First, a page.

The Alexander Valley is a Californian American Viticultural Area (AVA) located north of Healdsburg in Sonoma County. It is home to many wineries and vineyards, as well as the city of Cloverdale. It is the largest and most fully planted wine region in Sonoma. Highway 101 runs through the valley, and the Russian River flows down the valley, surrounded by vineyards on both sides. From the higher elevations of the valley rim, there is view as far south as Taylor Mountain and Sonoma Mountain. The region was named for Cyrus Alexander, owner of a part of the Rancho Sotoyome Mexican land grant, in 1847. Granted AVA status in 1984, the boundaries of the appellation are defined in the Code of Federal Regulations, Title 27, Section 9.53.
In its early history, the territory commonly referred to as the "Alexander Valley" denoted the benchlands east of the Russian River leading up to the Mayacamas Mountains. The area west of the Russian River was known as the “the plaines” or “the ranchos.” Viticulture in the area dates back to 1843, when Cyrus Alexander used vines cuttings collected from Fort Ross on the Pacific coast, to establish vineyards in the area. For most of its history the region was predominately associated with mass produced bulk & jug wines made from indiscriminately planted field blends of red grape varieties. A modern era of quality wine production began in the late 1960s when a new owner of Simi Winery sought to revive the area's long winemaking history. In the 1970s, a new wave of producers, such as Chateau Souverain and Jordan Vineyards, descended upon the area and started making wines that received critical and consumer acclaim. In 1988, E & J Gallo Winery purchased substantial tracks of land in the Alexander Valley to establish the fine wine brand of the company.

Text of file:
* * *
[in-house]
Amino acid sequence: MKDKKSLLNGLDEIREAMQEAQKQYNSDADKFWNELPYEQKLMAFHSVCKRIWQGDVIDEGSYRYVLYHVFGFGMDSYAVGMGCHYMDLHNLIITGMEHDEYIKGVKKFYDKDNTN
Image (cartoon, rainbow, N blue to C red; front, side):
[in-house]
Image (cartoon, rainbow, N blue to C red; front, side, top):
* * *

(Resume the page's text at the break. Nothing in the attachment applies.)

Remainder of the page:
In 1963, one of Alexander Valley's most prestigious vineyards, the Robert Young Vineyard, was planted. There were few wineries in the area at the time so the vineyard sourced most of it fruit to wineries outside the valley. One of these wineries, Chateau St. Jean, was so impressed with the quality of fruit that with the 1975 vintage of their Chardonnay they put the name of the vineyard on the wine label. This "vineyard designated wine" would be one of the first premium wines in California wine history to have the name of the vineyard appear on the label. (Source: Wikipidia)